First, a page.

Instead of Christmas, they want Pride Month. Instead of prayer in schools, they venerate the trans flag. Diversity, equity, and inclusion are their watchwords, their new holy trinity.

And they expect their preachments to be obeyed. They may speak of tolerance, but they practice fundamentalism. Those who resist are called deplorable. Those who question are labeled threats to democracy.

And this is why progressives have such little patience these days for working people. They are too attached to the old ways, to the old faith of God and family and home and nation.

This is the Left’s true Replacement Theory, their true replacement agenda: to replace the Christian ideals on which our nation was founded and to silence those Americans who dare still stand by them.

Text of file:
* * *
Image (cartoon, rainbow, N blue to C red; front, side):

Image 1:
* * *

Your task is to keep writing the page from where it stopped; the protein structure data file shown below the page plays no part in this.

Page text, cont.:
Sadly, the Republican Party of the last 30 years has been in no position to resist the onslaught. Instead of defending the affections that bind us to each other, Republicans of the Bush-Romney era have championed libertarian economics and corporate interests. Their fusionist faith has become one note: money first, people last.

In the name of “the market,” these Republicans cheerleaded for corporate tax cuts and low barriers for corporate trade, then watched these same corporations ship American jobs overseas and use the profits to hire DEI experts.

In the name of capitalism, these Republicans sang the praises of global integration while Wall Street bet against American industry and bought up single family homes—so that after the banks took the working man’s job, he couldn’t afford a house for his family to live in. Then Wall Street crashed that global economy—multiple times—and the housing market, and these same Republicans kept right on rhapsodizing. And subsidizing.

It was all just too big to fail.

These Republicans forgot that economics is first and last about people—and the things they love. About providing for a family. About personal independence. About having a place to call home and a job that gives you pride.